This is not the case for all financial advisors, many of whom still operate on more of a traditional sales model where they are paid commissions from the company selling a product, a cost the client doesn't see directly. This business model has typically provided the salesperson a commission. The conflict with this business model is that the salesperson may have an incentive to replace a client's old products with new ones over time in order to generate new commissions.

Some recent moves in the mutual fund industry highlight one way that these conflicts still exist. Responding to regulatory changes, several major firms have announced that some "C class" mutual fund shares held for a specific period (e.g., 10 years) will be converted going forward to "A class" shares. The C class and A class shares of a particular fund represent the same underlying investments – the only difference is how the commissions are paid to the salesperson. Mutual fund A shares generally pay more up front with less on an ongoing basis (e.g. 5.75% up front and 0.25% each year), while C shares may pay nothing up front but more on an annual basis (e.g. 1.0% each year.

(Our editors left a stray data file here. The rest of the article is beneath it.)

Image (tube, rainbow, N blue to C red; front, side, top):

Consider a financial advisor with a large portion of his or her income coming from C share mutual funds sold at varying times in the past. As a hypothetical, he/she may be receiving compensation of 1.0% each year from the fund companies. However, as time goes by, portions of this 1.0% income stream will be converted to a 0.25% income stream. That loss of income to the advisor is a cost savings to the client, which seems great at first glance. But look at the incentive problem this just created for the advisor! Will they sit idly by and watch their income decline? Or might some be tempted to convince clients to swap into new products that will get them back to a higher income stream? Will the new products actually be more suitable for the clients both for investment and tax purposes?

Do you really want to be in a position of having to question the motivation of why your advisor is making a recommendation? At SWA, we don't want our clients or ourselves to be in that position, which is why we believe a transparent method of compensation is in everyone's best interest.

North Metro: 763.355.5873
227 East River Parkway
Champlin, MN 55316-5873

South Metro: 612.987.9112
5871 Crossandra Street SE
Prior Lake, MN 55372-3337

West Metro: 763.639.3425
322 Greenhill Lane
Long Lake, MN 55356